A beautiful tale of love comes from one of recent history’s most terrible eras of hate. Jojo Rabbit is told in a way that could only be done by Taika Waititi, and has become one of the most misunderstood films of the year.
Adapted from the novel Caging Skies by Christine Leunens, Taika Waititi’s Jojo Rabbit tells the story of a 10-year-old member of Hitler’s Youth whose life is turned upside down when he learns his mother is hiding a Jewish girl in the walls of their home.
Roman Griffin Davis makes his big screen debut as our young star, Jojo. The boy is bright-eyed and optimistic and believes every lie the Nazis feed him. His long-suffering mother, Rosie (Scarlett Johansson), does her best to help him understand the realities of the world, but always has to tread carefully to hide the fact that she does not fall in line with the Party. Jojo, though, doesn’t get it. It is 1944 and he fully believes Germany is on the verge of winning the war. And most importantly, he believes Germany should.
One of the side effects of Jojo’s “true belief” is that he has conjured up an imaginary friend: Adolf Hitler (played by Waititi). Audiences seem to have trouble with this characterization of Hitler. He is clearly a Bad Man, but some of his terrible qualities are expressed through silliness and play. This is one of the ways many viewers have missed the point. This is the version of Adolf Hitler that resides in the mind of a 10-year-old child. Of course he’s a little silly and barbecues unicorns and makes jokes about blaming things on Churchill. He is a child’s imagining. It’s not the actual Hitler and it isn’t the Hitler we understand and know. Waititi’s portrayal is actually quite genius. He is beguiling, spinning the truth for this boy who spends much of the film working out the clear gap between what he believes Hitler would say and what he feels in his heart is right.
Jojo spends his days participating in activities for Hitler’s Youth. He is surrounded by Nazi leaders that include Sam Rockwell as Captain Klenzendorf, Alfie Allen as his right hand, Finkel, and Rebel Wilson as Fraulein Rahm. They say all the indoctrinating things they’re supposed to say to the kids, but it is clear that they know it’s all a lie. Klenzendorf in particular is haunted by the memories of bad decisions and by the knowledge that he was not strong enough to stand up and say no when the Party came calling. He drinks his guilt away and keeps toeing the line, even while it eats at him. At this point, so many years into the war and with no clear end in sight, what else would he do?
Jojo misses the hints because he is very literal. When someone tells him the Jews have hidden horns growing out of their heads, he believes it. And when Fraulein Rahm says burning books is good, he’ll believe that too. For the audience who knows where this is all going and understands the truth behind the words, it is important to see Nazis who know they’re doing wrong, but also know there will be no redemption for them, and they wouldn’t deserve it anyway.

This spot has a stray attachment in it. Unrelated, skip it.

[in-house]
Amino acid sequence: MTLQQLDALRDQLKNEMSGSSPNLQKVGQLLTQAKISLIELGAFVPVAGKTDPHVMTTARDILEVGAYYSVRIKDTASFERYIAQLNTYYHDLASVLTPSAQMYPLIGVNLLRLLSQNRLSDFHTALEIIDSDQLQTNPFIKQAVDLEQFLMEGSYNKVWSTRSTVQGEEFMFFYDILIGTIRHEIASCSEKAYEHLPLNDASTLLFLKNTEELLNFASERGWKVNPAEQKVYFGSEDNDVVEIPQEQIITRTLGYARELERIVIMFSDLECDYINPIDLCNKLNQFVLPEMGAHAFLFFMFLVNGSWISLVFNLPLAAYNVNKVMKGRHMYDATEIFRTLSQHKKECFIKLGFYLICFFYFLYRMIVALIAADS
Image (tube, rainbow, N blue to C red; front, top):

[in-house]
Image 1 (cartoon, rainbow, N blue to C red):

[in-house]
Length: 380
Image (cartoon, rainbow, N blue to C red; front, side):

Then there is Thomasin McKenzie as Elsa, Jojo’s assumed nemesis. McKenzie is an incredible talent who is exceptional in quiet roles like last year’s Leave No Trace. And in Jojo Rabbit, she gets the chance to show how much she has matured as an actress. Elsa still has some of her sweetness, but she has known great loss and carries grief and fear as constant companions. She plays with Jojo’s fears, not just to amuse herself, but to make a point about the ridiculous things he believes. As they spend more time together, a friendship seems inevitable, but such a friendship would be very dangerous for both of them and so Elsa knows she has to proceed carefully.
Taika Waititi is a brilliant storyteller and he tells the story of Jojo Rabbit with such care that it is easy to dismiss as “light” or “fluffy.” The truth, though, is that it is neither. The town may be the color of cotton candy, and there are plenty of laughs – especially when Jojo gets together with his way-too-cute best friend, Yorki (Archie Yates) – but the pastels and the sunlight and the fun times aren’t real. They mask the truth, that this is a country at war, that its citizens are committing atrocities against their fellow countrymen, and that everything that seems good is about to collapse. Waititi takes what we know about World War II and Adolf Hitler and Nazis, and he uses that knowledge to tell a story that isn’t about redemption for a bunch of adults who chose their path.
Jojo Rabbit uses satire to communicate its message, and satire is hard for some to grasp. This isn’t a film that apologizes for or explains Nazis. It doesn’t try to say, “Yeah, but some of them were good guys.” The director is half Jewish, after all. Instead, he uses humor and drama to skewer the inhuman, not to humanize them. And in the process, he reminds us that we can do better for our children. We don’t have to pass on the hate to the next generation. There is time to help them do better and be wiser than we have.
Each of Taika Waititi’s six feature films have dealt on some level with themes of love. Jojo Rabbit is the most poignant and beautiful of them all.